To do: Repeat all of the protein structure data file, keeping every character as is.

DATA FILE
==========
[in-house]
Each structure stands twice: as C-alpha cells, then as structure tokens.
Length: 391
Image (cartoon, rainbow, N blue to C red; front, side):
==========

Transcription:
[in-house]
Each structure stands twice: as C-alpha cells, then as structure tokens.
Length: 391
Image (cartoon, rainbow, N blue to C red; front, side):